Episode 40: Who inspired Wakanda’s women warriors?

Marvel found inspiration in history when it used tales of West African women warriors as the basis for the fearsome Dora Milaje in Black Panther: Wakanda Forever.

The fictional Dora Milaje, seen in this clip from Marvel Studios' Black Panther: Wakanda Forever, were based on real-life female warriors.
Courtesy Marvel Studios

The fictional, fearsome, and all-female Dora Milaje in the movie Black Panther: Wakanda Forever were inspired by a real group of African warriors: the Agojie. Nat Geo contributing writer Rachel Jones shares the history of the Agojie and discusses the way that movies and pop culture can shape our understanding of the world.

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RACHEL JONES (WRITER): And I'd certainly heard the term Dahomey Amazons throughout the years, but never really thought much more about them other than they were this sort of mythical group of women who did amazing things.

AMY BRIGGS (HOST): You might have heard of the Marvel superhero Black Panther. He’s got a cool costume made out of a superstrong metal called vibranium. And he’s the king of a secret African country called Wakanda. And he’s backed up by a team of elite female warriors known as the Dora Milaje. Now most of that is fiction, but the Dora Milaje were actually inspired by the aforementioned Dahomey Amazons, also known as the Agojie.

JONES: But there's a tendency, particularly in American popular culture, to sort of put those kinds of conversations in the comic book realm as just something that is larger than life. It's nothing that the average person would ever have experienced.

BRIGGS: But the Agojie are having their moment in the pop culture spotlight. In addition to inspiring the Dora Milaje, they’re also the subject of the recent movie The Woman King starring Oscar-winner Viola Davis. With all this buzz, I wanted to find out who were the real Agojie? So I called up National Geographic contributing writer Rachel Jones, who wrote an article about them, and I got her to come down to the Nat Geo offices to chat.

JONES: Black Panther was really an inflection point of sorts to get people to think that before Henry the Navigator arrived on the shores of the continent in the 1500s, there were actually self-evolved, autonomous people who did their own thing and weren't looking to Europe for guidance or role models, etcetera. So that was the first thing that appealed to me about digging into their story.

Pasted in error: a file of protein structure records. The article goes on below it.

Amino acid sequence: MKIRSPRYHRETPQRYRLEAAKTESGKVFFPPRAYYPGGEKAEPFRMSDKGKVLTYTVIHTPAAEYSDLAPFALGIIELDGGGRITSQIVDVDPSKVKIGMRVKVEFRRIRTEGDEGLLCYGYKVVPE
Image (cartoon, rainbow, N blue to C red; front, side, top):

But next, it was simply, as I said, the role of women in any society, and the fact that these women proved themselves to be just as strong and just as smart and just as capable as any man and as willing to risk it all for their country as any man. Then it became something that I really relished learning more about.

BRIGGS: I’m Amy Briggs, executive editor of National Geographic History magazine, and you’re listening to Overheard, a show where we eavesdrop on the wild conversations we have at Nat Geo, and follow them to the edges of our big, weird, beautiful world.

This week, I sit down with Rachel Jones to discuss the Agojie, Black Panther, and the role that movies and pop culture play in understanding our world.

But first, fuel your curiosity with a free one-month trial subscription to Nat Geo Digital. You’ll have unlimited access on any device, anywhere, ad-free with our app that lets you download stories to read offline. Explore every page ever published, with a century of digital archives at your fingertips. Check it all out for free at natgeo.com/exploremore.

JONES: My name is Rachel Jones. I'm a freelance writer. I also work for the National Press Foundation. I'm a director of journalism initiatives. But my connection with Nat Geo has been to do some really interesting freelance pieces over the past three years. I've been pretty lucky in that way.

BRIGGS: I sat down with Rachel to get her to tell me about the Agojie, but first I wanted to learn a little bit more about her. She’s a journalist not a historian, so why was she interested in writing this article about them in the first place?